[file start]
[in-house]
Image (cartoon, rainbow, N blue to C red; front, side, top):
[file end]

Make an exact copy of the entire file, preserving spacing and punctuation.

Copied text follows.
[in-house]
Image (cartoon, rainbow, N blue to C red; front, side, top):